Every quarter, many money managers have to disclose what they've bought and sold, via "13F" filings. Their latest moves can shine a bright light on smart stock picks.
Today, let's look at investing giant Daniel Loeb, founder of the Third Point LLC hedge fund. Loeb is a well-known activist investor, famous for publicly airing his opinions about companies in which he invests and not mincing words when he's displeased. Loeb was instrumental in pointing out discrepancies in former Yahoo! CEO Scott Thompson's biography, paving the way for Yahoo!'s new CEO, Marissa Mayer. Loeb made about $1 billion on his Yahoo! investment over just two years.
More recently, Loeb has looked to break up Sony, with Sony rejecting his plan early in August (and George Clooney weighing in against him, too). Sotheby's auction house is an even more recent target for Loeb.
His activity bears watching because the guy seems to know a thing or two about investing. According to the folks at GuruFocus.com, over the 15 recent years ending in 2012, Loeb racked up a cumulative gain of 758%, compared with just 94% for the S&P 500.
The company's reportable stock portfolio totaled $4.4 billion in value as of June 30, 2013.
So what does Third Point's latest quarterly 13F filing tell us? Here are a few interesting details:
The biggest new holdings are Elan and CF Industries . Ireland-based biotech company Elan is being bought by Michigan-based drug company Perrigo for $8.6 billion. One benefit for Perrigo will be headquartering the new company in Ireland, which will cut its tax rate from around 30% to around 17%. Elan had previously been pursued by Royalty Pharma, whose offers had been deemed too low. It has also been in the news as a stock that investors at the scandal-ridden hedge fund SAC Capital allegedly traded in, with insider information. Perrigo has been making savvy acquisitions and growing rapidly.
Fertilizer concern CF Industries looks attractive with its forward P/E ratio below 7. Like Potash and others, the nitrogen and phosphate specialist may be hurt if Brazil stops importing fertilizer, but that's not likely to happen soon. Russia's exit from a major potash cartel could also spell trouble, via falling prices. Meanwhile, some peers may be hurt by changes in India, but CF is better positioned there due to its product and sales mix. It has also been benefiting from low natural gas prices, as that's used in nitrogen fertilizer. Rising nitrogen prices have helped, too.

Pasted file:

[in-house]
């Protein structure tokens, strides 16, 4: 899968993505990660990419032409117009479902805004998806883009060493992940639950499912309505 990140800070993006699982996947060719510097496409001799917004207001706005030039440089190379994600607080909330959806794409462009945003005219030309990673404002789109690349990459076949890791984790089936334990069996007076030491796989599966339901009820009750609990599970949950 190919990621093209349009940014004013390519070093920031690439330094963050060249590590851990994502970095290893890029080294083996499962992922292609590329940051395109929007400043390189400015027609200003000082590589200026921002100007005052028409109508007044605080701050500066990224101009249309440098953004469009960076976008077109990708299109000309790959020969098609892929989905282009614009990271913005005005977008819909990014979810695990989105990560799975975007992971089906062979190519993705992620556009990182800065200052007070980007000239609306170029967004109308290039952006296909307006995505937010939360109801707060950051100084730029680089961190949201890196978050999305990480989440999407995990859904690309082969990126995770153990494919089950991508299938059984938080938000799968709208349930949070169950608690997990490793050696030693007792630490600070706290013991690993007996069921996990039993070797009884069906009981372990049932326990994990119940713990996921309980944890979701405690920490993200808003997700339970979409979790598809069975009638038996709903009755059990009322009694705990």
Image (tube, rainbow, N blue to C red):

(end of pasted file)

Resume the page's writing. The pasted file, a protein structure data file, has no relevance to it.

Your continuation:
Third Point reduced its stake in lots of companies, including International Paper and Constellation Brands. Among holdings in which Third Point increased its stake were Sotheby's and TIBCO Software . Big Data operator TIBCO has been adding recurring-revenue contracts. Of all things, staffing issues pose a problem for the company, though my colleague Anders Bylund remains a "committed owner," seeing its competitors having trouble competing with it. The company has been restructuring, with bulls hoping for improved performance. Its forward P/E of 20.6 is well below its five-year average of 31.
Finally, Third Point's biggest closed positions included Virgin Media and Murphy Oil. Other closed positions of interest include Chimera Investment and ARIAD Pharmaceuticals . Chimera Investment recently yielded 12%, but its payout has been shrinking and may continue to do so. It has taken on more risk than many of its brethren, and has had some trouble filing reports on time. Some have questioned its hefty management fees. Chimera may become less attractive if interest rates rise or if Congress cancels favorable tax treatment for REITs. On the plus side, its second quarter featured a modest bump in book value.
ARIAD received FDA approval for its leukemia drug Iclusig. Its launch wasn't as strong as some had hoped, but in ARIAD's second-quarter report, management cited strong sales growth for the stock and approval for it in Europe. My colleague Brian Orelli sees much potential for ARIAD, but warns that it's not exactly priced at bargain levels these days.
We should never blindly copy any investor's moves, no matter how talented the investor. But it can be useful to keep an eye on what smart folks are doing. 13-F forms can be great places to find intriguing candidates for our portfolios.
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